Colour Me: Gen Z Yellow

In a new content series, Crowd DNA decodes the latest colour trends to unpack cultural shifts. First up, what lies beneath the sunny, happy-go-lucky exterior of Gen Z yellow?


Welcome to Colour Me – Crowd’s newest content series, using semiotics to decode colour trends and unpack cultural shifts in the process. Our first instalment focuses on Gen Z yellow, charting its evolution from urgent beginnings to a dreamy rekindling. Bound up with seismic shifts in broader culture, we explore how a colour ascribed to Gen Z – the brash, outspoken kids on the block – lends itself to a sophistication and nuance that goes way beyond its associated years. 

A Brief Cultural History

A colour held to represent positivity and joy, Gen Z yellow was signalled to be the new millennial pink back in 2017. Ranging from fluorescent yellow to mustard-like tones, what constitutes Gen Z yellow is up for debate but its purpose remains the same; it’s become an expression for an entire generation.  

In 2018, Gen Z yellow became associated with urgency-tinged with optimism. We saw Greta Thunberg striking for climate change clad in a bright yellow coat. This was the same year that a critical mass of Gen Zers were coming of age, finding their voice in a world of political turmoil and climate anxiety, and making sure they were heard. Yellow was a loud, unmuted tone, ostensibly well suited to a generation refusing to be ignored. Fast forward to 2021, where Pantone’s Colour Of The Year was the aptly named ‘Illuminating’ – a vivacious, sunny yellow to herald the end of the pandemic, and attempt to satisfy a societal need for optimism and simplicity. 

Now, as the global permacrisis shows no promise of resolving, Gen Z yellow has re-entered the fray – only this time, it promises enlightenment instead of false optimism. Below we look at how it has evolved from artificial urgency to a more grounded tranquillity.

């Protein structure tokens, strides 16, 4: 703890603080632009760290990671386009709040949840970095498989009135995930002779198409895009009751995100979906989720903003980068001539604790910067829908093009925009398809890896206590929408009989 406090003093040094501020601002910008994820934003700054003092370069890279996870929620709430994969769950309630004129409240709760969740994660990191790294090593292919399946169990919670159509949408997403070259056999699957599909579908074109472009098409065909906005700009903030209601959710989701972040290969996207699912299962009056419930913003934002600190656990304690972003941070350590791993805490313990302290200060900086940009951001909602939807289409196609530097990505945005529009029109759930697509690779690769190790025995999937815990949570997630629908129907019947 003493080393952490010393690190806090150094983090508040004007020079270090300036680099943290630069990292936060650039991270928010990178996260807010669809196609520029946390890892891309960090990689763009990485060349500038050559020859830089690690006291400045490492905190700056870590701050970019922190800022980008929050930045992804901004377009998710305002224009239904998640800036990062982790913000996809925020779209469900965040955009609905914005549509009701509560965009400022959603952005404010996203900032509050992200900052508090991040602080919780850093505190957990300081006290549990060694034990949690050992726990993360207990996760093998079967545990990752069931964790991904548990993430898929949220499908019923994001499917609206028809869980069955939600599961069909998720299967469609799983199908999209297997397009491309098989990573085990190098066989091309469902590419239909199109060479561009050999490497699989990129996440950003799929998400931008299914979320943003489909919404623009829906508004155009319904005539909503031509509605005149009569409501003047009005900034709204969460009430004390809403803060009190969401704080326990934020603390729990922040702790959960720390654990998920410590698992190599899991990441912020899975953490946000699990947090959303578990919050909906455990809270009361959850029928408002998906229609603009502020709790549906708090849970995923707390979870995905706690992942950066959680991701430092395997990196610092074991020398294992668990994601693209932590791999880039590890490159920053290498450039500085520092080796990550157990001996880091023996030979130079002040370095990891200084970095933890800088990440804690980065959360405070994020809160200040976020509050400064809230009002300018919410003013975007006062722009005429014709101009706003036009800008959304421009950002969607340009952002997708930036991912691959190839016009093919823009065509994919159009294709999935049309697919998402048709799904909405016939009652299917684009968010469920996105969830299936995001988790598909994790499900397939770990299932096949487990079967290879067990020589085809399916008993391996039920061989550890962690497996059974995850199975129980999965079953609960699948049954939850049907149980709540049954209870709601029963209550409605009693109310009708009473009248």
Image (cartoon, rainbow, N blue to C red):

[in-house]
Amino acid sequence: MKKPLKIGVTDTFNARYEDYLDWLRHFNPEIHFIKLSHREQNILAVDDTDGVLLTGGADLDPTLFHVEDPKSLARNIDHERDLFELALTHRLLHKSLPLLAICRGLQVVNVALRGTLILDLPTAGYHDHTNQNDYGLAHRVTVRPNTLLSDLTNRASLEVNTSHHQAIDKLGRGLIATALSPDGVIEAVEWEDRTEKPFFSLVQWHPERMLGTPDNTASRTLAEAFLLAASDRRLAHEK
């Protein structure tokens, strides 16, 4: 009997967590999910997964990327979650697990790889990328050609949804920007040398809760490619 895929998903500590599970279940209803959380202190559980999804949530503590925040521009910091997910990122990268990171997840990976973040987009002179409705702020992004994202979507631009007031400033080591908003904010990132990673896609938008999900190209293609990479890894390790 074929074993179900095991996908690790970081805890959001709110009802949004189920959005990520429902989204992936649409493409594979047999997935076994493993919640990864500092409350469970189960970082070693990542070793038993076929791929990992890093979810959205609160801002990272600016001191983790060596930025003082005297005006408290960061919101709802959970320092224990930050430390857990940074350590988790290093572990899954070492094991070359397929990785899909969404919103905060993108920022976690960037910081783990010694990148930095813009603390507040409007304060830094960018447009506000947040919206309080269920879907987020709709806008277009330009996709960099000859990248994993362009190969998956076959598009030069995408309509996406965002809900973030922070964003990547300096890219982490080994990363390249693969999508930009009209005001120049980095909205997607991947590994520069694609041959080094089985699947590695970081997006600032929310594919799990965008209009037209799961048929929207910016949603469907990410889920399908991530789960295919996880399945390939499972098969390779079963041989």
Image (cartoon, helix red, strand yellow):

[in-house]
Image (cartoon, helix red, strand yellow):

From Artificial Urgency

Gen Z yellow was heralded as a symbol of optimism and youthful exuberance in the dog days of the post-truth world. The shade – like poster paints in primary school – resurrects the traditional signifiers of childhood with its cartoonish intensity and one-dimensional flatness. 

In mainstream culture, Gen Z yellow’s oversaturated and in-your-face palettes are designed to be confronting, reflecting back broader culture’s urgency. Gen Z yellow demands something of its onlookers with the unapologetic, brutal simplicity of its yellowness.

We see how Gen Z yellow is paired with the language of dynamism. It’s there in the blocky, all-capital fonts in Pzaz Breath Spray (see below), with its logo that resembles an energy drink. Or with actual references to momentum, such as ‘On Your Marks’ Ganni x New Balance, above. This colour is more than brash – it’s full of frenetic energy, with no respite on offer. 

Of course, you would expect a bright fluorescent yellow to convey feelings of urgency. Yet underneath this energy and force is an almost-garish, artificial brightness. It’s a colour not found in nature. But this is amped up with how references to childhood motifs (eg products that resemble toys and references to children’s films, see below) are paired with this harsh bright light to suggest a surface-level youthfulness. It’s the chromatic equivalent of faking a smile.

In among the paradox of optimism and cataclysm, Gen Z yellow’s double-edged sword merges cheeriness with a call to action, merging the innocence of childhood with experience.

Mschf X Crocs: Paris Hilton as Kill Bill Barbie in mschf’s crocs-inspired shoes is a chaotic collision of childhood and edge

Starface’s bright yellow packaging harks back to childhood with products that resemble children’s toys, such as Lego

Pzaz Breath Spray’s language of rapidness paired with the fluorescent yellow promises unlimited momentum